Wednesday, July 26, 2006
The 42-year-old will be committed to a state mental hospital, with periodic hearings before a judge to determine whether she should be released. If convicted of murder, she would have faced life in prison.
Yates’ attorneys never disputed that she drowned 6-month-old Mary, 2-year-old Luke, 3-year-old Paul, 5-year-old John and 7-year-old Noah in their Houston-area home in June 2001. But they said she suffered from severe postpartum psychosis and, in a delusional state, believed Satan was inside her and was trying to save them from hell.
I can think of no greater punishment for this woman than to live with the knowledge that she killed her children. A lot of people will doubtlessly say that this verdict excuses her crime, or does not bring justice to her children. I disagree, but I can see their point. However, I'd say to those people that they've probably never lived with a mental illness and felt firsthand it's crippling effects.
Yates had a documented history of severe mental illness. She had been to multiple doctors and hospitals, on many, many medications. She needed to be committed for longterm care, but that never happened for her. I've heard reports that her husband didn't want that for her, I've heard reports that other people in her family didn't want that and objected. I cannot say if those stories are true, but if they are, I would not be surprised. Most people have no real concept of just how sick mental illness makes you. There are diseases that you can't just take a pill for. They don't go away because you want them to, they don't go away because you get a prescription. Complex mental illness requires medication and therapy, sometimes intensive therapy away from the typical living situation.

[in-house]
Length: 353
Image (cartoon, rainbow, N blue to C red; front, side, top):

I get a little angry at her ex-husband. She was told after the birth of her fourth son not to have any more children, because of the severity of her PPD. Her doctors warned her that a recurrance was almost guaranteed and would likely be worse, if she had another child. And yet...and yet, they had a fifth child.
I get angry knowing how very religious her family/friends/she was, how unhealthy that was for her. Demanding, fundamentalist religions are bad for women, clearly, but it's very hard to make people understand that when they're in the middle of them. For years, the Yates' family lived in a small travel-bus. They were deeply committed to their faith, and the gender roles it proscribed. On it's own, that's something a person can survive. But combine those teachings with severe mental illness and you've got the makings of a tragedy.
Once she had been on medication consistantly and under treatment by doctors, Yates came out of her PPP. She knows, now, what she did. Can you imagine, just for a moment, what it would be like to know that you held your children under water until they died? Can you imagine, just for a moment, what it's like to realize that you're responsible for that? Does anyone think, really think, that this verdict does anything to ease her guilt and grief? I don't have children, but if I did, the thought that I had hurt one of them....I'd probably kill myself.
I say this is compassion, because at least she can get treatment and medication. At least she can have the chance to pull some kind of life together. There are people who believe she shouldn't be allowed to do that, that she should be allowed to do anything but suffer endlessly. Sadly, most of those people claim to be Christians. But I remember Jesus talking about forgiveness and redemption and second/third/1,000th chances. Five lives have already been lost, what good does it do to throw away a sixth? No amount of retribution is going to bring any of those children back. Doesn't Andrea Yates have a soul? Doesn't she have value, even as flawed as she is?
I don't mean those questions to sound like some flaming liberal (even though I am.) I mean those seriously. I don't see how there are easy answers in cases like this for truly thoughtful people.